Australian entrepreneurs Amber Blumanis, creator of Stopover app, and Philip Andrews, cofounder of Liquid State, were announced as winners in the international Talent Unleashed Awards last night.
The awards were judged by Sir Richard Branson and Steve Wozniak. The winners will go on a five-day business mentoring workshop at the Branson Centre for Entrepreneurship in South Africa during Global Entrepreneurs Week in November 2014.
There were more than 600 entries. Five winners across the APAC region were announced last night, with Blumanis winning the Rising Star Award and Andrews winning the Digital Content Award.
Stopover’s Blumanis, who is only 23 years of age, created a tool that keeps travellers occupied at airports during stopovers. It offers a range of activities such as learning a new language, and users can even go find themselves someone to date via the app or just meet like-minded people.
“Basically you create a profile and then you can log on and can click ‘nearby’ to see who’s nearby at the airport. You send them an invite where they will either accept or decline,” Blumanis said.
“You can see who has similar interests to you and meet up with like-minded people. If somebody has a little heart symbol [on their profile], then that means they are also interested in airport dating, so you can check out their profile and meet up with them.”
Having experienced a 14-hour long wait at an airport is what spurred Blumanis to create an app that would allow travellers to do something more productive with their time while waiting for their next flight. “I was so bored and that’s how I came up with the idea.”
Blumanis, who doesn’t have any IT expertise, worked with Teknowledge Mobile Studio in India that she found through Freelancer.com, and travelled to India to meet the developers in person. Last week, the company set up an office in Australia – Teks Mobile Australia – with Blumanis as chief operating officer.
The app is only available for iOS, but Blumanis plans to make it available in Android soon, as well as add more languages and activities.
Liquid State’s Andrews, along with cofounder Cyril Doussin, developed a cloud-based application that allows print publishers to easily push their content out to multiple platforms including mobiles and tablets in only five clicks. The content automatically adjusts in accordance with the device screen size for optimal viewing, without publishers having to go through a lengthy development and production process.
“My background is in publishing and there’s been huge upheaval there; I’ve seen massive changes in publishing,” Andrews.
“We found that the [mobile publishing] systems that were there didn’t really help small to medium publishers reach the world wide audience.”
Andrews said he is seeing more interest from companies outside of publishing. “It’s also communication departments, big companies that want to build apps for internal communications to get through to their employees, membership groups who want to actually develop a communication channel with members and talk to them and distribute documents.”
Liquid State is in discussions to work with companies such as Sonic Healthcare in Australia, Hachette publisher in France, Condé Nast publisher in the US, and IPC media in the UK.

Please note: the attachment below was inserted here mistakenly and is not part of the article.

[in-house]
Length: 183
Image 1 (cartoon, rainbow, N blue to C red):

Andrews said the company was built in Berlin, Germany before it managed to raise funds in Australia through a syndicate of business angels and Commercialisation Australia, a $213 million grants program for startups.
Commercialisation Australia was cut in this year’s Federal Budget, however. “Too many of our companies go overseas, raise money overseas, but we’ve got to keep our talent here and we’ve got to grow those companies here,” Andrews said.
“I travel around the world all the time, and everyone is asking ‘can [a Silicon Valley] happen in other places?’ Of course it can,” Apple cofounder Steve Wozniak said.
“I’m so glad people don’t think there is just one congested place like Silicon Valley where people have great ideas that are going to change the world or are going to be successful and have to be in that one area just to start them.”
Wozniak added that he was impressed to see many of the participants use their own personal experiences as drivers for their innovations.
“People who have personal reasons for wanting to achieve something in life, a stumbling block for them, wanting to get over some problems – that is what true entrepreneurship is about.”
The other Australian global finalists were:
- Filip Eldic, cofounder of BlueDot Innovation, APAC Best Start-Up Award: Blue Dot Innovation is geolocation software that uses the precise location of a person’s smartphone for making payments in retail stores, for example. The technology could allow a customer to enter a store and purchase product via their phone, with the software picking up on the location and details of the seller to process the payment. It uses Bluetooth, GPS, Wi-Fi, and mobile towers to get the precise location of the phone.
- James Nathan, founder and CEO of Food Orbit, APAC Community Impact Award: Food Orbit allows farmers to connect with wholesale buyers such as chefs and restaurateurs is an online platform. By cutting out the middleman, Farmers can ensure they get a fair price for their produce.
- Ken Taggart, founder of Chatty Kidz, APAC Digital Content Award: Chatty Kidz is a learning app that helps bring long distant families together by having parents work with their kids on educational content on the iPad, using Skype video chat.
- Sebastian Eckersley-Maslin, founder of Blue Chilli, APAC Inspirational Leadership Award: Blue Chilli is a venture tech company that builds and invests in digital start-ups. It helps launch two new online businesses every month, with the aim to build and invest in 100 new businesses by 2016.
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